Initially I worked on developing statistical approaches to improving the efficiency of the tracking process. Work on probabilistic cue integration, and on kernel density mode seeking demonstrated that easily implemented changes to existing techniques could significantly improve tracking performance. My most recent contribution in tracking has been the development of reservoir sampling methods for online appearance modelling. Online appearance modelling has received a vast amount of attention from the research community, because the offline alternative is impractical. The reservoir sampling approach we proposed is the first that has been proven to converge to its offline counterpart -- a very significant result. Reservoir sampling thus provides a statistically well-founded method for updating an appearance model over time, and across multiple viewpoints. This result was achieved because the team involved carried out the depth of mathematical analysis required to bring together results from different fields to address this important problem. This approach has not solved the problem of tracking in its entirety, but it does provide a strong statistical basis from which to proceed. My most significant contribution to the field of Video Surveillance has been in the estimation of the relationships between the fields of view of surveillance cameras. This information is essential for cross-camera tracking, particularly over large networks of cameras, which is the most practically significant case. An estimate of the relationships between the fields of view of the cameras thus provides access to the information generated by such networks which would otherwise be completely incomprehensible. Previous research had addressed the problem by trying to match features between fields of view, but this approach does not scale as the features visible in most networks are not individually distinctive. An alternative approach calculated correlations between the traffic viewed by different cameras in network, but even after significant modification could not be made to scale to the size of practical camera networks. After much exploration of statistical alternatives, the breakthrough was the realisation that an understanding of the relationships between the fields of view of the cameras might be achieved only by identifying pairs of regions that do not overlap. This `Exclusion' method showed that it was possible to estimate the topology accurately without human input, and that this might be achieved for very large camera networks.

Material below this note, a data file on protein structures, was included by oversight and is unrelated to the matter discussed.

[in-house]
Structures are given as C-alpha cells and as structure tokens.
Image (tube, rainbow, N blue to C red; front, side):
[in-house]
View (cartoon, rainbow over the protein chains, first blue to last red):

I formed a (University owned) start-up company to commercialise the technology in 2009. The company has since received over $3M in Venture capital, has 5 engineers, released version 1.1 of the software, signed partnership agreements with Milestone and DVTel and an international distribution agreement Pacific Communications, deployed the system at a major Australian airport, and is currently negotiating an arrangement with Honeywell, a major supplier of surveillance systems. The CTO of the company is one of the members of the team I formed to carry out the research, and I serve as a member of the board. Interactive Image-based Modelling